Developmental outcomes for children are usually measured by individually administered standardized intelligence tests for children such as the Bayley Scales of Infant Development II (Bayley, 2001), Weschler Preschool and Primary Scale of Intelligence III (Wechsler, 2002), and Griffiths Mental Development Scales (Griffiths, 1984). When multiple births are excluded, some studies find the growth of IVF and IVF/ICSI children in terms of height and weight to be falling behind that of naturally conceived children during the first 3 years of life—probably because of their smaller size at birth. However, the motor and cognitive development of IVF and IVF/ICSI children compared with their naturally conceived peers is not significantly different (Leslie et al., 2003; Ponjaert-Kristoffersen et al., 2004). In most studies, developmental quotients or IQ scores tend to be around 100 or more for IVF, IVF/ICSI, and naturally conceived children when large groups are included and testers are blind to the status of children. As in other large outcome studies, IQ scores tend to be more related to the mother's level of education and socioeconomic status than to the mode of conception (Leslie et al., 2003).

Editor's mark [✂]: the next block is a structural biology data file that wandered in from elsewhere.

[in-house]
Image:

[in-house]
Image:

Follow-up studies of IVF/ICSI offspring have far outnumbered those devoted to conventional IVF, because of the increased chances for anomalies due to genetic risk and human manipulation of egg and sperm. ICSI offspring have now been followed prospectively for 5 years, and their overall development has been compared with that of naturally conceived children as well as conventional IVF offspring with favorable results. In one multicountry study, 300 singleton children born after ICSI in Belgium, Sweden, and the United States were compared with matched naturally conceived children at 5 years and no significant differences were found in cognitive development or psychological well-being (Ponjaert-Kristoffersen et al., 2004).